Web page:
Open data in Finland – Part I

Bottom up and middle out, but not yet from top down

European Public Sector Information Platform Topic Report No.12 (originally published 15 July 2010 at )


The re-use of public sector information or open government data, whichever term is used, has recently been under close attention both in Finland and in the European Union in general. This topic report summarises the state of debate and the state of actions, and briefly discusses some legal and practical issues in the area of making government data available for re-use in Finland.


More has happened in the last four months [in terms of change in attitudes towards opening up the public sector data resources] than I believed would happen in four years”

Jyrki J. Kasvi (Feb. 2010) – Member of the Finnish parliament

The general atmosphere for opening Public Sector Information (PSI) resources for re-users is positive in Finland. The discussion has become more coherent and integrated into the mainstream discussion on the development of the information society. Most importantly, it is starting to reach also the top level decision makers.

In spite of the general positive atmosphere and even some high level statements, progress in identifying PSI resources, opening new datasets and promoting – re-use is rather slow in Finland.

Most activity in this area is connected to the implementation of the Infrastructure for Spatial Information (INSPIRE) Directive 2007/2/EC. Other initiatives in the area of PSI re-use include the Apps for Democracy -innovation contests and ongoing data catalogue projects

A number of laws, directives and recommendations apply to public sector information and to publishing it. These include the freedom of information (FOI) legislation, privacy protection legislation, the act on the criteria for charging for public sector goods and services, copyright law, international recommendations and competition law.

None of these laws explicitly prevents opening up and re-using of government data, but unfortunately the current interpretation and practice doesn’t support it either.

State of the debate: Reaching for high level political attention

The benefits of distributing government data resources more openly can roughly be divided into three categories: 1) transparency and democracy, 2) innovation and business and 3) efficiency within the administration (the public sector is the biggest re-user of public data). These benefit areas are widely accepted, but still the actual progress in opening the data resources has been painfully slow in Finland.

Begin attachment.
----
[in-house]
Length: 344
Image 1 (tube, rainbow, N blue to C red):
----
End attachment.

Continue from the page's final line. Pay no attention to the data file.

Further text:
The Public Sector Information (PSI) directive 2003/98/EC had minimal effect in Finland[2]. In 2005, a working group under the Ministry of Finance came to the conclusion that the existing national legislation in Finland already met the framework set out in the Directive. At that time, the political discussion about the re-use of public sector information resources was not very active.

However, the public debate around the topic has gained a lot of power during 2009 and 2010. The current situation in Finland reflects the developments driven by the global “open data” movement with visible initiatives like the data catalogues and application contests. The current movement could be named as a second wave in the discussion that has been going on for quite some time.

Characteristics of this second wave include enhanced public visibility of the topic and wider interest of civic groups and so called open data advocates. Even the terminology used in the debate is changing.

Public Sector Information (PSI) means information resources collected, produced and held by the public sector. Recently in the discussion, the term open data is increasingly used to underline the machine readability of those information resources. For many re-users, the term open data also carries the notion of the data being made available completely free of charge and easily accessible without any signed contracts even by individual programmers.

Traditional PSI re-use lobbyists representing established industries are often not so enthusiastic about these requests of “free of charge” and “no signed contracts”. For existing companies, it is often crucial to have contracts that guarantee the continuity of the data service and they think that it is ok to pay a reasonable price for that.